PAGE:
I'm a proud, fourth-generation Californian. But I have been telling education leaders in my home state for some time that they could learn a thing or two from the K-12 educational improvement strategies Texas put into place.
However, after several years of steady progress, state lawmakers are poised to gut what Texas got right before anybody else, threatening to send the state -- and its economy -- back in the opposite direction at exactly the wrong time.
Texans realized early on that for their kids to compete against students from Beijing and Bangalore, let alone California and Florida, they needed to take rigorous classes in high school, the kind that would prepare them for higher education or a job that pays a family-supporting wage. That students who take a tougher course load actually learn more is, of course, a no-brainer. But decades of research substantiate that common-sense thinking. Indeed, the single largest predictor of success in college isn't test scores or high school grades, it is the quality and intensity of a student's high school curriculum.
Recent research also suggests that those same courses also better prepare students for today's workplace. Electricians, auto technicians, and sheet metal workers, for example, all need the same math and science proficiency that colleges require. And it's not just in STEM fields where our kids need a strong foundation: More than 70 percent of human resources professionals report that entry-level high school graduates are deficient in basic writing skills. Even more complain of their inability to write clear memos, letters, and reports.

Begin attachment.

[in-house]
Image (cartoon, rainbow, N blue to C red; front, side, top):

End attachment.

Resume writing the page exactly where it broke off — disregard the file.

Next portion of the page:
Texas acted on this evidence far earlier than most states. Back in the mid-1990s, the state started moving more students into this kind of higher level curriculum. About a decade ago, that curriculum became the "default" placement for all high school students. And despite some pockets of worry about higher expectations driving more students to drop out, the results show the opposite: High school graduation rates have not only increased statewide, they are improving fastest among low-income students and students of color. In addition, more than 6 in 10 black and Hispanic students now graduate from Texas high schools having completed the coursework necessary to attend college.
Certainly, there is more work to be done in Texas. The state's college enrollment and completion rates remain well below the national average for students of color as well as for students overall. And nearly 1 in 4 Texas high school graduates seeking enlistment in the U.S. Army are unable to pass the exam required for entry.
But rather than building on what Texas has accomplished to date, state lawmakers in Austin are on the verge of passing a set of bills that would eviscerate this default course of study in high school. And their timing couldn't be worse for Texas' competitiveness: They are doing this just as other states are ratcheting up their own expectations.
How very sad for the children of the Lone Star State, especially those who don't have college-educated parents and will assume that they are priming themselves for success by doing what's required to graduate. Only after they are handed a meaningless diploma will the kids we primed for failure by expecting less realize that playing by the rules doesn't mean they are ready for life after high school. And, unlike the legislators in Austin -- who still have a chance to right the wrongs in the bills they are considering -- the students won't get a "do over."